As Fellows grew his skills in cyber security, he secured an internship with Briq as a Software Engineer. After completing his internship, Fellows continued to pursue other opportunities to hone his computer science skills. He said, “I met someone at a networking event off campus. At the time, the company had less than ten people, and they didn’t have anyone doing security work, so they sent me an email asking about working on an incident.” 

Recognizing his potential, Destra Multifamily, a real estate investment sponsor start-up, contacted Fellows and extended an opportunity to work for them. “I got back really quick and hopped in a call. After that initial assessment I did for them, they figured out how someone got access to their account and I tightened things up a bit. They asked, ‘Can we keep you on to do some IT and security?’ And that’s how it came to be,” Fellows said. 

Now, Fellows serves as a Security Consultant for Destra Multifamily, assisting the company in basic security configuration and systems monitoring. He said, “I onboard all their systems into an employee manager and ensure they’re not downloading malware. In the meantime, while I’m monitoring and not really actively doing anything on the security end, I take items off their IT checklist.”

Additionally, Fellows has set up the company’s Microsoft Suite. “I’m setting up email filters and messing with the mailboxes and Outlook, doing their SharePoint, Viva Topics, and whatnot,” he said.

Paying it Forward: Advice for Engineering Students

Fellows hopes his Security Consultant position will help him solidify his chances in the long run when applying for a permanent position. Acknowledging the competitive nature of today’s job market, Fellows has worked diligently to ensure he makes the most out of his current position.

“It’s really hard to get entry-level positions in cyber security. No one’s just getting hired as a security analyst or any entry-level cyber security position without having adjacent experience or numerous certifications. So, I’m hoping that with this experience, I’ll be able to get an actual full-time entry-level position as a security analyst or consultant of some sort,” he said.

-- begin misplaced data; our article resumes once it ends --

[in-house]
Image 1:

When asked about how students could improve their chances of securing similar positions, Fellows emphasized the importance of maintaining interpersonal communication skills.

“In cyber security or computer science in general, everyone nowadays has technical skills. I think what’s important to set yourself apart in the market is having those interpersonal skills and being committed to networking, doing the cold messages on LinkedIn, making those connections, and that sort of stuff,” he said.

On top of gaining interpersonal communication skills, Fellows also stressed the importance of having and pursuing a passion within the technical field. 

“Having an idea of what you want to do makes you more marketable because you are passionate. You’re not just showing up to the interviews. You actually have something that is driving you. I think that’s a lot more appealing for employers,” he said.

How does he continue his job while juggling academics and the Computer Science Club? For Fellows, one of his primary sources of motivation are his supporters. “My main supporters are usually my friends, like people on the CS Club board and my close friends, and they’re really supportive,” he said.

Visit Fowler’s Careers and Internships website to access resources for finding your next internship or to schedule your next Career Advising appointment with Fowler’s Manager of Career Services, Sam Lee. For more information on how to get involved on campus, explore Chapman’s website regarding Clubs and Organizations.